When was the last time you saw any offline marketing whatsoever that failed to offer a call to action?
Whether it is an advert for a product, or a campaign to change opinion’s there is always a call to action embedded in the advert somewhere. Offline marketers know that unless there is a way for people to do something else, a way for them to follow up on their interest then the advert will be wasted.
Why then is it so hard for online marketers to also implement calls to action? How many sites have you seen that just talk about their products without a way to actually buy them?
Partly I think it is a reaction amongst the more ethical online marketers to not be seen as one of the high-pressure scammers: they themselves have seen sites that are overwhelming in their garish colours and flashing animations that demand you “click here” and they resolve to never create a similar site.
Partly it is also due to the rise of social media. Many online marketers are seduced by the possibilities of social media, and seem to forget that to make money you actually need to sell something. As I have stated before, social media marketing is an essential, inherent part of the total online marketing toolkit… – just not the totality of it. Social media marketing can get you better known and generate a loyal band of followers; it can enhance your reputation and get people thinking of you in a much better light. What it tends to not to do (as practiced at the moment) is think about the entire online marketing process and more specifically the customers journey from uninformed new arrival at the site to satisfied customer who has paid a fair price for something they want.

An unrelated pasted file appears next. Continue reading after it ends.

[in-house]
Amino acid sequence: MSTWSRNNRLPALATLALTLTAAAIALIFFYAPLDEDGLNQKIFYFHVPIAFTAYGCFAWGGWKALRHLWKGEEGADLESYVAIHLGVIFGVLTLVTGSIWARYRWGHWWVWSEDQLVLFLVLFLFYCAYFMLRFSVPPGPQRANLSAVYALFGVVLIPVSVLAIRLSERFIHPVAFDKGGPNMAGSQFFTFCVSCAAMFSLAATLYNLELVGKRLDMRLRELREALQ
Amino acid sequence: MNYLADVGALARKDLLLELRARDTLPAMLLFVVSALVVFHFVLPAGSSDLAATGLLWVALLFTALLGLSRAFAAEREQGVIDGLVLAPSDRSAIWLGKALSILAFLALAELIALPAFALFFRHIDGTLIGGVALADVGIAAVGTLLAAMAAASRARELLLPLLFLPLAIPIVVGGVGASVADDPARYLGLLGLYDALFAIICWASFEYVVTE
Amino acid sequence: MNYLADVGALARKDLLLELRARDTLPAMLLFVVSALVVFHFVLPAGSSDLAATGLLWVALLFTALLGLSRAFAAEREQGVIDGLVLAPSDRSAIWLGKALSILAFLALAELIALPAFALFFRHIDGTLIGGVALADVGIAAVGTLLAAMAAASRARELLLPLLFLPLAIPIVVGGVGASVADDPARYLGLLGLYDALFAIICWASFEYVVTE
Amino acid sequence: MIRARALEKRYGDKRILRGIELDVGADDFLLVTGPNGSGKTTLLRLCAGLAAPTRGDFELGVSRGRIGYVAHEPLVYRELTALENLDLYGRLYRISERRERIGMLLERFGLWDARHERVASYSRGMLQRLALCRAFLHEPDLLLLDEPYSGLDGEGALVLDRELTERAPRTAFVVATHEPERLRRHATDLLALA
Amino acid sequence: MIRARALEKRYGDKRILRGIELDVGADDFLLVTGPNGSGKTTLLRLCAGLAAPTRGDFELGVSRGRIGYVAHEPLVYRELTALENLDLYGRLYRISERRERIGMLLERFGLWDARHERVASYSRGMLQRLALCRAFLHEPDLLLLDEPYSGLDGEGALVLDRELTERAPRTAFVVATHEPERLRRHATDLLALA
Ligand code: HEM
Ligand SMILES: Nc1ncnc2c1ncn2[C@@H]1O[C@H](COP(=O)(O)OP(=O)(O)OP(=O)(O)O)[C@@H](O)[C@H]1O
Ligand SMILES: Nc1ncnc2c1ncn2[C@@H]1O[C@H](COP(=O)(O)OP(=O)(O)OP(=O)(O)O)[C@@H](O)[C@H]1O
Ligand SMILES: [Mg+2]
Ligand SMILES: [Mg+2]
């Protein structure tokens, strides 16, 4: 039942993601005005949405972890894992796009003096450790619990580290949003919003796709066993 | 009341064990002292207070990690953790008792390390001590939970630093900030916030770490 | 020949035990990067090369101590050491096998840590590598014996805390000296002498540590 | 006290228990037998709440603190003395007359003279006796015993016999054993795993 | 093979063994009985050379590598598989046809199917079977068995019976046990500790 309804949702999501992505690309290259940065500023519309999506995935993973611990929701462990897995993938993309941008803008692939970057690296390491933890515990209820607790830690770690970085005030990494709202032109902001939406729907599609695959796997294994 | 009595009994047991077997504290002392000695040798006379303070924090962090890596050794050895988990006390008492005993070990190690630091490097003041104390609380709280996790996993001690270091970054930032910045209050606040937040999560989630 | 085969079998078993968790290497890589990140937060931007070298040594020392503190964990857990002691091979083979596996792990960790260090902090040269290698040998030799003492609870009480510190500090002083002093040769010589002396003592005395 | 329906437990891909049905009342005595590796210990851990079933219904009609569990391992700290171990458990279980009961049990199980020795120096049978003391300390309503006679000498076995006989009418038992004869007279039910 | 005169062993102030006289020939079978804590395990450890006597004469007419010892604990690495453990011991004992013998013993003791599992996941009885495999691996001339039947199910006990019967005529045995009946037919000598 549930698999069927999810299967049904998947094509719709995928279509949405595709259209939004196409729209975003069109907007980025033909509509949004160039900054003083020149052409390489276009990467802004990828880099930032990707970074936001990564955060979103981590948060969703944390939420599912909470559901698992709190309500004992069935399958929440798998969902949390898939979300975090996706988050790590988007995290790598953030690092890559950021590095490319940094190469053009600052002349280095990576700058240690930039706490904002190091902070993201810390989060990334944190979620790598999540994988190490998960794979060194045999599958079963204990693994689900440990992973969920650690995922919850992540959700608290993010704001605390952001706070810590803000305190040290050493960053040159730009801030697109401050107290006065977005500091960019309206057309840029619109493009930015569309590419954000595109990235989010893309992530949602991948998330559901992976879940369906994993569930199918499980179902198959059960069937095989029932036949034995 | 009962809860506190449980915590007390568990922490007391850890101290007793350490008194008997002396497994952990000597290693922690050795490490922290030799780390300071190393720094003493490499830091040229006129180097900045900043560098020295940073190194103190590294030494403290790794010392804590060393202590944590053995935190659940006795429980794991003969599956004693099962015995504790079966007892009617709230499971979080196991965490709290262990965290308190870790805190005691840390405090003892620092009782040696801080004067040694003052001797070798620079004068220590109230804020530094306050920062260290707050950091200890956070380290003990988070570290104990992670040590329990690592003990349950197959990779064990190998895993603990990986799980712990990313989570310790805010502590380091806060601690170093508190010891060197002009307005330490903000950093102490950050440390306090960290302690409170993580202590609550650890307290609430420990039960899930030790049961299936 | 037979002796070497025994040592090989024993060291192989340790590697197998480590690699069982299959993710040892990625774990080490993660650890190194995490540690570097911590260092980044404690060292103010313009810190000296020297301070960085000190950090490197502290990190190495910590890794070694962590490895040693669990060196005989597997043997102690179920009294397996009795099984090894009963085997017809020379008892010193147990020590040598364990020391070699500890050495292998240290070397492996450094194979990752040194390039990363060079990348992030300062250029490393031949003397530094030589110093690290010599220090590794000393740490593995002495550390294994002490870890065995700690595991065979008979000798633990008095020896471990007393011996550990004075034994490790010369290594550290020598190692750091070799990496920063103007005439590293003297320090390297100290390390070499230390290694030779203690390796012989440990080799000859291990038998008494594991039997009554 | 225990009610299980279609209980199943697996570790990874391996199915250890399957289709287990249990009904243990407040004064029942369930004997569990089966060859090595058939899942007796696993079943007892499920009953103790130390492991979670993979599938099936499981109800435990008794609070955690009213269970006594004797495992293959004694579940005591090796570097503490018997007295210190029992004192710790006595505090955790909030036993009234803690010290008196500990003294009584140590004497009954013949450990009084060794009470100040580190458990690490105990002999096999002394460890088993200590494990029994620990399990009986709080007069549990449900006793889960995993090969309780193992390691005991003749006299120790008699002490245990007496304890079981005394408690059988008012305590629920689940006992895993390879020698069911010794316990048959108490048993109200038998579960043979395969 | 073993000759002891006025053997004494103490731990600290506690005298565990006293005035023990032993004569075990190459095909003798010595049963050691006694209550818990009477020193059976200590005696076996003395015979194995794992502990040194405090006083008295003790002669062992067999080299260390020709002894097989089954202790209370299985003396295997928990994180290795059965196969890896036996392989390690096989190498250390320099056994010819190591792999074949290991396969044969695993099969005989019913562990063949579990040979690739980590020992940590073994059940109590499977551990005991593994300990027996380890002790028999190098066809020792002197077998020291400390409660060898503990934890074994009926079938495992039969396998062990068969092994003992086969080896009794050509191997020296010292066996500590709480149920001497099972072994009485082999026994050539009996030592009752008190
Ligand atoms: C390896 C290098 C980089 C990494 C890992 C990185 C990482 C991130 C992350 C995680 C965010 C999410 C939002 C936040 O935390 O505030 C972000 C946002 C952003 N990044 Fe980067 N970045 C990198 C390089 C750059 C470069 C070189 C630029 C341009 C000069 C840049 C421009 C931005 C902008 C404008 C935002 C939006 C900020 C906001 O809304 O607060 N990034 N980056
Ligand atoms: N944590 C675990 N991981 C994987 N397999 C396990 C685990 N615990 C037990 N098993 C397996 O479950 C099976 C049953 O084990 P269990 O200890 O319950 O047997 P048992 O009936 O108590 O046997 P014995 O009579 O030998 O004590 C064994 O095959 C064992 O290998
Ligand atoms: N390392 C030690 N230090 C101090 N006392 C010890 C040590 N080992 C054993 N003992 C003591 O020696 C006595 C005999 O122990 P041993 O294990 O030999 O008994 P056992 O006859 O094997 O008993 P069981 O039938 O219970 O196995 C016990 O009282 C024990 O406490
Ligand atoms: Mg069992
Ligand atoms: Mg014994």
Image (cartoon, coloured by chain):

But this reticence is counter-productive: if you fail to ask people to do something after visiting a site then – perhaps unsurpisringly – they consistently fail to do anything.
This is one of the rare occasions that a lesson from offline marketing actually applies to the online marketing world: if you want someone to do something after looking at a site then ask them. Make it polite and to the point, and also emminently opt-outable – but if you don’t then people will look at your page, think “nice page” and leave, never to return.